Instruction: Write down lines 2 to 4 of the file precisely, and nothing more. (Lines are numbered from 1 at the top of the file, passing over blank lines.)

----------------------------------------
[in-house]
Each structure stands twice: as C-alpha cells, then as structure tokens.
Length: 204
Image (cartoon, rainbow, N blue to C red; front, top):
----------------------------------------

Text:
Each structure stands twice: as C-alpha cells, then as structure tokens.
Length: 204
Image (cartoon, rainbow, N blue to C red; front, top):